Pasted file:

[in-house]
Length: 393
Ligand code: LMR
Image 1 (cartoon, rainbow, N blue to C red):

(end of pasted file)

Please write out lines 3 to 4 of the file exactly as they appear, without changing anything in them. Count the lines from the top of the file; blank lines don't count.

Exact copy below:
Ligand code: LMR
Image 1 (cartoon, rainbow, N blue to C red):